To operate in a fast-moving volatile market, leadership needs to be decentralised and the management structures need to be flattened. On the basis that the workers are genuinely expert in what they do, then the job of the leader is not to micromanage the workers but to clear the obstacles that stop them from doing their best work. The concept of servant-leader is not a new one.

The model whereby the senior management team define strategy and then engage HR to assess the people implications, which in turn leads to a set of job specifications is likely to change. Specifically the recruitment and development of staff is also likely to change in a talent-short market.

Smart leaders will not so much impose their will on the market with a strategy largely based on fiction, but will look at the talent they have access to and infer strategy from this capability. Managers of premier league sports teams have been doing this forever.

The emerging reality is that talent management will evolve into genuine talent management and increasingly look less like commoditised procurement (think office stationery).

Another way to look at this shift is to think in terms of stakeholder rather than shareholder value. Engaged workers are more likely to be loyal, more productive and see genuine meaning in the organisation beyond a source of cash flow. This leads to better customer service which when managed carefully leads to happy shareholders.

The drum-beating command and control model of leadership may have been effective in Victorian workhouses but is no longer fit for purpose. 21st Century leaders need to balance the needs of all stakeholders in the organisation’s ecosystem. For enlightened leaders this is an opportunity to create long term value.

The technology implications

Delivering the work-life integration that today’s workers will increasingly expect requires a rethink in respect of technology management. IT has already radically changed the world of work. Increased automation has served to drive out unnecessary cost and speeded up production. Advances in business intelligence are enabling better business decision making.

However the relationship between the workers and the IT function has in many cases been an uneasy one. In some respects there is an ongoing war between these groups. In summary:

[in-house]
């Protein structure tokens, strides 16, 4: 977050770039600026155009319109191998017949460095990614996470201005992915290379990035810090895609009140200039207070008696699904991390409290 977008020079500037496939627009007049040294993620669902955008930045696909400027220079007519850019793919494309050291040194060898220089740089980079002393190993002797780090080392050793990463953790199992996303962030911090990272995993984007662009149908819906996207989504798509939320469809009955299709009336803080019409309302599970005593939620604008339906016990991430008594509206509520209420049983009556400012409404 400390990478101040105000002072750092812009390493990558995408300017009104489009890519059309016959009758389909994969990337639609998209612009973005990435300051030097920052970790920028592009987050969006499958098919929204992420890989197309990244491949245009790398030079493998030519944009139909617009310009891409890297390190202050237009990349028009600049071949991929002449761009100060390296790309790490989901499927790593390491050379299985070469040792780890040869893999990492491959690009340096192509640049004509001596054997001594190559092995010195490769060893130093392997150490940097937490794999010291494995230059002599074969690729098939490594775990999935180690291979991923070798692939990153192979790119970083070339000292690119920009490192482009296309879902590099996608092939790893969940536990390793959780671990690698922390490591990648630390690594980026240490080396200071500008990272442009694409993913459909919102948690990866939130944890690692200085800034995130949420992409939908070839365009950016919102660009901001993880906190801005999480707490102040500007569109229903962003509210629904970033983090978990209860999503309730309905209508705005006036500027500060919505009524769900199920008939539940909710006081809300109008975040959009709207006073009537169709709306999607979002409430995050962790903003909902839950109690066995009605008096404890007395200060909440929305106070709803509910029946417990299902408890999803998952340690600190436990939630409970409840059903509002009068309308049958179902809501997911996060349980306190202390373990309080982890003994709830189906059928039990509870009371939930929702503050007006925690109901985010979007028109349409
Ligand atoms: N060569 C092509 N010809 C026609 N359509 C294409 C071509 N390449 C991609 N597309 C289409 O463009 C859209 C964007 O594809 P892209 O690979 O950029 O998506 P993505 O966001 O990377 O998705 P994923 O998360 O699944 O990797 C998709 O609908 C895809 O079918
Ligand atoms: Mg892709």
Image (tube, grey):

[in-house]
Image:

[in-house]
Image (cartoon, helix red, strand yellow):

• The mainframe – Centralised power in the IT function.
  • The PC – Was a user-driven uprising.
  • Thin client – Was an exercise in the IT function regaining control.
  • The Cloud – This second uprising is enabling the users to buy their own IT services.

The IT function did not invite the PC into the department, the users sneaked it in. The same is true of the first generation of handheld devices. RIM’s Blackberry was a user-fuelled revolt that the IT department could not ignore. Tablet devices are on the same trajectory.

The CIO as ‘Dr No’ is no longer acceptable. The CIO is of course correct to highlight security and cost implications, but to have the best low-cost fortress is unlikely to impress the market or the workers.

I would encourage the IT function to see the emergence of a post-industrial business model as an opportunity and not a threat. It is an opportunity to move from marginalized technology manager to enabler of the digital revolution.

Work-life integration needs similarly integrated technology. Practically all IT functions are doing a great job in this respect without realising it. The network is key to collaboration as is email, instant messaging and intranets. But there is more to be done.

Fully embracing user-driven IT services requires a lighttouch approach to technology management. Finding the balance between this and good corporate governance will be the challenge.

Whether we like it or not social media is entering the workplace and is not necessarily being used with work in mind. This is a consequence of work-life integration and again this has to be embraced rather than rejected.

Along with social media comes a deluge of data in many formats from 140 character text messages through to storage-crippling video. The IT function’s ability to not just manage this, but to provide tools to enable the users to make sense of the data will be a high priority.

Some CIOs may well see the Cloud as a threat to their empire, particularly those that value their self-worth by server, staff or application count. Smart CIOs will see this as an opportunity to redirect their limited resources from reactive supply-side management to proactive demand creation. At the end of the day CIO stands for Chief Information Officer and not Chief IT manager Officer.

There has been a gradual shift in who manages the innovation budget. Increasingly IT-spend allocated to innovative activities is being given directly to the users, thus leaving the IT function to get on with the less stimulating housekeeping aspects of technology management.

Again this work-life shift presents an opportunity for the IT function to move centre-stage in terms of strategic relevance.


The transition to the digital economy is fuelled by technology. However it would be unwise to focus solely on the technology. A focus on mobile technology rather than mobility would be to miss the point. The digital economy is about people. How to maximise human potential must be the focus. And given that humans are social animals then technologies that support collaboration are very important.

This is a fascinating period in man’s history. As we transition from the industrial to the digital economy, we are witnessing a return to work-life integration. Eventually employers will embrace this new model to everyone’s advantage. It is likely that historians will look at the industrial era as a blip in the history of mankind when he was at his most disconnected.